* Cheers: Old friend Mike Martz was pretty helpful on this week's broadcast, pointing out the Bills' tight man coverage on 3rd downs in the 1st half and Bradford getting the ball out off quicker drops in the 2nd half. Other times, I wondered who kidnapped Martz and replaced him with Steve Spagnuolo. He liked Buffalo clearly settling for a FG with :32 left before halftime AND two timeouts? In fact, Martz insisted Buffalo had to start taking shots into the end zone, from the 23, which told me Martz STILL hasn't learned how to use timeouts all these years. Ron Pitts was likeable, but not very good. He called the Rams' LT “Safford” and missed more spots than Dick Stockton without his bifocals. He said a 6-yard Spiller run gained “at least nine” and missed the spot on one punt by 6 yards. Martz's overuse of the phrase “take the cheese” only made him sound cheesy. Catchphrases are best used in smaller doses than 90 times a day, Coach.
* Who’s next?: If next Sunday is indeed Steven Jackson's last home game in St. Louis, the Minnesota Vikings are one of the best opponents to mark the occasion. With Jackson and Adrian Peterson toting the rock, fans will be treated to watching two of the best backs of their generation trading plays. And the Vikings were the opponent in one of the best games of Jackson's career. In the last game of the 2006 season, Steven ran for 142 yards and 4 TDs; the 41-21 victory got the Rams to 8-8 and gave Steven over 1,500 rushing yards and 2,334 yards from scrimmage, still the sixth-best season in NFL history.
Both defenses are likely to take the same approach to stopping these superstars. Load up the box and clog up the middle. Peterson has scary outside speed, but Minnesota likes to set up mainly middle runs for him and let him bounce them outside. He’s a threat to score on every play. The Ram safeties have to have their best games against the run. And James Laurinaitis better buckle his chin strap tight. Center John Sullivan and guards Charlie Johnson and Brandon Fusco are excellent run-blockers, first-round pick Matt Kalil is having an excellent season, and Peterson’s also got the league’s best fullback in front of him. Jerome Felton just got done making the Packer linebackers look like a bunch of little girls. Little wonder Peterson is on track for a 2,000-yard season. So why aren’t the Vikings winning more games? Their passing game is awful. Hell, they just lost a game where Peterson ran for 210 yards. You don’t have to stop Peterson to beat Minnesota. Slow him down a little and go for the much easier task of shutting down Christian Ponder. Minnesota’s passing game relied on Percy Harvin even more than the Rams’ relies on Danny Amendola, and they’ve lost Harvin for the season. The Rams have no excuse not to load up the box and take away the short passing game. The coaching staff should be hauled off in handcuffs if they don’t press-cover the Viking WRs. None of them can get open. Rookie Jarius Wright could be a threat in Harvin’s slot role, but that’s not really clicking yet. Double- and triple-team Kyle Rudolph, who Ponder ceaselessly tries to force passes to without Harvin to lean on. Let Ponder try to beat you deep. He lacks the arm to drive the deep ball. He’s a little frisky as a runner, but, honestly, let him run. He’s not pinpoint-accurate out of a drop, but on the move, he’s noticeably worse, and running seems to rush him into making poor decisions. Ponder had regressed to the point that Vikings HC Leslie Frasier recently talked openly about replacing him with Joe Webb. The Rams need to stop Peterson on 1st down and force panicky Ponder and mediocre-at-best OC Bill Musgrave to try to come up with ways to beat them. And SMOTHER those receivers, will ya?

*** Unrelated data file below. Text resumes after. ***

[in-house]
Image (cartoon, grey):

Similarly, the Vikings will load up the box for Steven Jackson, though it remains to be seen how well that will work. A Packers team that hates to run moved the ball on the ground against Minnesota with little trouble. The Rams’ plan can be as simple as just remembering to run away from Jared Allen. At LDE, neither Brian Robison nor Everson Griffen is a run defender, and LB Erin Henderson also looks like a liability on that side. It will help the Vikings a lot that Chad Greenway, the NFL’s leading tackler, can key on the run more than he did in Green Bay. Allen’s sack production, though good, is way down from last year. He’s not getting as much help from the rest of the line. Frasier seems like a cover-2 guy who doesn’t like to blitz a lot, but that could change for the blitz-vulnerable Rams. I liked the job the Minnesota secondary did in Green Bay. They forced Aaron Rodgers to make a lot of perfect throws to beat coverage. (Which he did.) They’ve got a bigger margin of error with Bradford throwing, and rookie safety Harrison Smith has quickly developed into a legitimate playmaker. Amendola’s return would be a major boost, but the Rams are especially going to have to get the run going against the Vikings. Chew up clock, set up play-action, make Musgrave panic into taking the ball out of Peterson’s hands (which happens up there, unbelievable as that may be).
Jeff Fisher has raised the bar in his first season in St. Louis. For the rest of the season, the Rams are in the playoffs. Keep winning or your season’s probably over. The juice of playoff futures being on the line makes this an more intense matchup than it already was with the possibility of Jackson playing his last game here. The Rams haven’t had a game with this much on the line since the end of 2010. Can Fisher harness the emotion and energy of such a big game and channel it for good, or will the Rams shrink from the spotlight like they did in Seattle? Unlike Steve Spagnuolo then, though, Fisher’s done this before. Is it too soon to ask so much of a team that is still very young? Let’s see if Fisher can raise the bar one more time.
Game stats from espn.com